Texas is largely detached from federal utility regulations. Instead, wholesale power prices are determined by supply and demand. When demand is high, ERCOT allows prices to go up in the hope Texas power companies will add more electricity to the grid. In this case, pegging power prices at up to 150 times normal cost forced many companies to buy power at unreasonable rates, triggering financial collapse for the smallest. Including Brazos Electric Cooperative, which is suing ERCOT claiming that $1.9 billion in additional costs drove it into bankruptcy.
Abbott’s office had previously denied that the Governor was not “involved in any way” in the decision to keep prices maxed at $9,000 per megawatt-hour even after things started to normalize. ERCOT and Abbott justified the decision by claiming that lowering prices would have driven more users back on to an already strained grid. The problem is that weatherproofing systems to prepare for climate change would have prevented any of this from happening in the first place (hard to do when you insist climate change isn’t real). The other problem; Abbott and his ilk aren’t keen on things like consumer protection and tough regulatory oversight, which results in Texas consumers holding the bag when all is said and done since high costs are always passed on to consumers.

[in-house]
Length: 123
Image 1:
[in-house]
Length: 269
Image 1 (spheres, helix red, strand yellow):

246 Texans died during the February 2021 freeze, the majority by hypothermia. And while Texas consumers have dodged a repeat so far, they also haven’t seen the same kind of sustained, lower temperatures yet that let to the 2021 grid collapse. It’s only a matter of time, and there’s not a whole lot of evidence anybody involved learned much of a lesson. Granted this same lesson isn’t going to be exclusive to Texas; as climate change runs face-first into the U.S. trifecta of infrastructure neglect, greed/corruption, and a general disdain for consumer protection and functioning regulators, outcomes are going to be similar across numerous states. Wash, rinse, and repeat until somebody actually learns something from the experience.
Filed Under: energy prices, ercot, greg abbott, texas
Comments on “Regulator Testifies Electricity Overcharging During Fatal Texas Deep Freeze Was Pushed By Governor Abbott”
Imagine how bad it would have been with regulations
Texas is largely detached from federal utility regulations. Instead, wholesale power prices are determined by supply and demand.
Ah the wonders of The Holy Free Market, it enables and encourages such glorious and beneficial behavior.
Except this was regulated, which was why ERCOT (or the governor) could force all utilities to pay a certain price, and why there was a cap on that price. It was just regulated terribly.